Admittedly the past six months has been exhausting, not just for me but for countless others. The political crisis in Burundi drags on with no end in sight. Tension remains high and no one can predict what will happen next. We’ve passed so many milestones that were supposed to provide some sort of relief to the tension but no relief has come. Dead bodies continue to be found on a daily basis. The sounds of gunfire, grenade blasts and occasional mortars can be heard almost daily. It is getting old. For those living in the more troubled neighborhoods, I simply can’t imagine what they’re going through.
We trudge on. We carry on our work in support of the Burundian population and Congolese refugees the best we can. In the interior of the country things are calmer and we’re operating normally. However staff there have stress too, not only that things in Bujumbura escalate elsewhere but most of them have family and friends in Bujumbura.
I’m in New York. I just arrived for a week of meetings. It’s always strange coming here, particularly in the first 24 hours. I live in the poorest country on earth (GDP per capita) and to be in the middle of Manhattan from one day to the next can make your brain explode. Yesterday, while walking with my friend Liya we strode past rubbish consisting of a few dozen containers of salad. Unopened. At a glance they looked perfectly fine but the restaurant that tossed the salad (sorry) probably did so because of an arbitrary “sell by” date. Regardless, there it was, good food, clean, spilling out of a garbage bag. Did I mention that Burundi ranks number one on the Global Hunger Index – and the ranking was done based on date BEFORE the current crisis.
|gotta love NY in autumn|
Being in NY can make your head spin even if you’re not coming from the middle of Africa. But I can’t help thinking about the disparity. I’m reading a book called the Citizens of London, recommended to me by Priya’s mom. Great read, particularly if you’re into history. At one point in the book, Edward R. Murrow, an American war correspondent who was based in London during WWII and the attacks on the city, took some leave and went to the US. He had a hard time adjusting. London was hammered by bombs for fifty seven days straight. Much of the city was ruined. Goods were in short supply. People lived of meager rations. It was prolonged devastation. A friend of his said of his visit to NY, “He walked along Fifth Avenue and Madison and saw the stores stocked with beautiful things, and it positively made him angry. He’d see all the food in the restaurants and say ‘I don’t think I can eat when I think of what’s going on back there.” In a letter to a friend, the English socialist Harold Laski, Murrow said he was “spending most of my time trying to keep my temper in check,” seeing “so many well-dressed, well-fed, complacent-looking people” and hearing “wealthy friends moaning about the ruinous taxation.” He added, “Words mean something entirely different here…Maybe it was a mistake to come.”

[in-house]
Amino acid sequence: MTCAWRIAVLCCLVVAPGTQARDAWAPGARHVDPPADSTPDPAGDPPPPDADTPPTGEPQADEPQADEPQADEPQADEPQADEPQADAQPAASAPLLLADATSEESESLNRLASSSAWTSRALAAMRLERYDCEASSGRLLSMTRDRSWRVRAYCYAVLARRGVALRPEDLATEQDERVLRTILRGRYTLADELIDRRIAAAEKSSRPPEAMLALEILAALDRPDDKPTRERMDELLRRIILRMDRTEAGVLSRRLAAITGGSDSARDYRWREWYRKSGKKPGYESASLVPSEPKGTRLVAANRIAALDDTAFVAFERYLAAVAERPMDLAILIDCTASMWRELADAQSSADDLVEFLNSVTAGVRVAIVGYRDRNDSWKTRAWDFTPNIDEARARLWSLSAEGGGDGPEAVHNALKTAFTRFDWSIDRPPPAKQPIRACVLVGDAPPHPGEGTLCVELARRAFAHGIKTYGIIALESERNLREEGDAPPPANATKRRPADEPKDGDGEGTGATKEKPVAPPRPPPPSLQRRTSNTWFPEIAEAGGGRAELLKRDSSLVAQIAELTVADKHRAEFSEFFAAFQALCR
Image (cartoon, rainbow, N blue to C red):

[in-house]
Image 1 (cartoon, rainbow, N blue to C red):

(Coincidentally, it was just off Madison Avenue where I saw the salad, though it could have been almost anywhere in this country.)
|for the record, not a crumb was thrown away|
I’m not the man Murrow was and I fully intend to eat while I’m here, but this passage, as I read it on the airplane, certainly gave me pause. It’s something I feel to some degree each time I go to Europe or the US. But it’s not the kind of thing with which you can beat people over the head while you’re there. People don’t want to hear it. It feels like an accusation, which for the most part it’s not. It’s an observation of a situation. Yes, it’s a situation that should change, particularly because the wealth disparity gets worse each year. I can’t remember what the statistic is but it’s something crazy like 90% of the planet’s wealth is in the hands of 1% of the people. Or something like that . Whatever the numbers are, it’s shocking and in my opinion unacceptable.
We can do more. We should. But we probably won’t.
|my wonderful friend Liya|